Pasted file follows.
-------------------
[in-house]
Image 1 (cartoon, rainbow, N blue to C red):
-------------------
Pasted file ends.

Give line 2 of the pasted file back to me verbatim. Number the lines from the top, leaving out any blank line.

Image 1 (cartoon, rainbow, N blue to C red):